Making Thatch Roofs

6 May 2020

One of the most common roofing methods over pretty much all of history is the thatched roof - or roof made with grasses. It's very common in rural areas, in a variety of forms. It's also not something I've tried to build before... Read on below to see how I did it.

miniature thatched roof cottage

I read up on a variety of different ideas of how to do this online, and eventually settled on using "jute" or twine. Mainly because I had a huge spool of it to use! But another thing going for it was that it seemed to be a good natural color, so I wouldn't have to figure out how to paint it somehow.

building a model thatched roof

I began by cutting small segments of jute, and then "unrolling" the braided fibers, and trying to straighten them out a bit. The first problem was how to attach these to the cardboard roof. My first approach was to lay down a bead of glue and stick them into that - but that was messy and didn't work very well. So I settled on using tape instead. Basically, I lay down a strip with the sticky side up, with the ends folded down to stick it to the table. Then I stick each little segment onto the tape.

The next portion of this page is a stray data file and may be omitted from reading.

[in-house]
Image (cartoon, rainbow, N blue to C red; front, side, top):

making thatch roof cottage 25mm 28mm

Then I lay a second piece of tape over the top of the piece, to stick the two together. Then I just trimmed the top and edges to tidy things up, make the "loose" bottom portion even, etc. Another option is to take a single "clump" and tape it's top to make a small bundle (as on the left above) which is handy for the sides of the roof, etc.

thatched roof cottage

Then just glue each strip to the roof. The taped part makes a handy flat surface to lay your bead of glue on, and gives you a straight edge to keep the layers fairly straight. The loose parts cover the taped parts of the layer below, which works well.

Thatched roof cottage

Finally I used the "bundles" to cover the edges and along the top ridge of the roof to finish things up. Also you can see on the edge of the roof where I originally tried just gluing the twine down - it ended up very stiff and discolored, so the tape system works quite a bit better.

I'm pretty happy with the end effect, although it is pretty time intensive. But hey, it's a hobby, so what's the big deal?